A diet rich in slowly digested carbohydrates reduces a marker of inflammation called C-reactive protein (associated with an increased risk for many cancers as well as cardiovascular disease) by about 22% in people who are overweight and obese, according to a study by Seattle’s Fred Hutchinson Cancer Research Center in The Journal of Nutrition.
Lead author Marian Neuhouser says, “Lowering inflammatory factors is important for reducing a broad range of health risks. Showing that a low-glycemic load diet can improve health is important for the millions of Americans who are overweight.”
Colleagues also found that among overweight and obese study participants, a low glycemic load diet modestly increased – by about 5% – blood levels of a protein hormone called adiponectin, which plays a key role in protecting against several cancers, including breast cancer, as well as metabolic disorders such as type-2 diabetes, nonalcoholic fatty liver disease and hardening of the arteries.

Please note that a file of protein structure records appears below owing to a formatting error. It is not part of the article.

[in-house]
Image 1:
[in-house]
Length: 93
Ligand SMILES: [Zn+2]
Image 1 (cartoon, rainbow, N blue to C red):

“The bottom line is that when it comes to reducing markers of chronic-disease risk, not all carbohydrates are created equal. Quality matters,” says Neuhouser. “There are easy dietary changes people can make. Whenever possible, choose carbohydrates that are less likely to cause rapid spikes in blood glucose.”
Such carbohydrates include kidney beans, soy beans, pinto beans and lentils; milk; and fruits such as apples, oranges, grapefruit and pears.